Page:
Get Task & Purpose in your inbox
The Military Justice System Has A Race Problem, According To DoD Data
Black U.S. military personnel are much likelier to face disciplinary action under the Uniform Code of Military Justice than their white brothers-in-arms, according to a new report.
An analysis of Department of Defense demographic data spanning a decade from 2005 to 2015 — obtained through a Freedom of Information Act request by the nonprofit advocacy organization Protect Our Defenders — revealed that black troops were as much as two-and-a-half times more likely to face court-martial or nonjudicial punishment than white service members across the Pentagon’s four main service branches.
Just over 70% of active-duty and reserve service members are white, according to a 2015 breakdown of DoD demographics, while just 17% are black.
“Racial disparities are present at every level of military disciplinary and justice proceedings, particularly between black and white service members,” Protect our Defenders said in a statement accompanying the report. “These findings raise questions about racial bias and discrimination among decision-makers in the military justice system.”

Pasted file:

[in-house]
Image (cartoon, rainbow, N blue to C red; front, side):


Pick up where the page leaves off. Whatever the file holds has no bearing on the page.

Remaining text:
While different data sets provided by each branch paint different pictures of racial gaps, the report suggests that the Air Force is the worst offender, with black airmen 71% likelier than whites to face NJP or court-martial proceedings.
“The Air Force works hard to prevent unlawful discrimination in all of our processes, particularly military justice, and will continue to do so,” Air Force spokesman Col. Patrick Ryder told USA Today in a statement.
The Air Force is followed by the Army and Navy, which reported disparities of 61% and 40%, respectively, between the share of black troops and white troops brought to a special or general court-martial. And in the Marine Corps, not only are black Marines 32% more likely to receive a guilty ruling during NJP or a court-martial, but the gap between black and white treatment became “more significant the more serious the disciplinary action was,” according to Protect Our Defenders.
“It is longstanding Department of Defense policy that service members must be afforded the opportunity to serve in an environment free from unlawful racial discrimination,” Pentagon spokesman Johnny Michael told Task & Purpose in a statement. “The Department will review any new information concerning the implementation of and compliance with this policy once given the opportunity to review the report.”
That these disparities exist is unsurprising. According to state and federal data, blacks are not just significantly more likely to face arrest and prosecution in the U.S. in general, but to end up in prison while awaiting trial or receive plea deals that result in incarceration. Indeed, sentences imposed on black offenders by the federal government are 20% longer than whites convicted of the same offenses, according to the ACLU; in many states, blacks disproportionately serve life sentences for nonviolent offenses.